I am loving the new challenges of collaborating with others: I like that many components make something together, different to the parts, and that similarly collaborations go to new places.
The wall hangings are not only created with great detail but some of them have this feathery form that it seems to be soft if touched. Has it ever surprised you that you are able to express such delicacy and softness with material like clay or porcelain?
Yes; the softness in appearance is a delight to me. I like the appeal this gives – to want to touch, to be confused; I like to break the tyranny of certainty! I consider work successful if it makes me want to look again, investigate my initial reading. I like this – same work, same light, just different angles.
I once read a poem of Semyon Kirsanov that I immediately recollected as I saw your work. It reads thus,
‘For that globe was just perfect / No more and no less / And the potter was happy / At such a success.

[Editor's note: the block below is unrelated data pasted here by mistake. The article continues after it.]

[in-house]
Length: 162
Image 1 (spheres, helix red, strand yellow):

Through distant mists shining / On the planet he smiled / Then gave it to Man / Saying: “Take it, my child!
Take care not to break it / For surely, I feel / I’ll never repeat it / On my potter’s wheel!”’
What special feeling does it stir in you when you view your own creation?
I am touched by your thinking of Kirsanov’s poem; I read the perfect globe as reaching that illusive place. There’s something about the rhythm of throwing that can slide the potter into subconscious working; the more you strive the worse it becomes. Throwing really helped me to understand that the finished piece can be joyous or yuck with the slightest nuance of movement, even though there is nothing wrong with either.
Being born in an itinerant army family Fenella has been to eight different schools around the world as a child. This and later her experience gathered as a psychoanalyst has left an indelible mark on her mind.
Find more of her work at her website.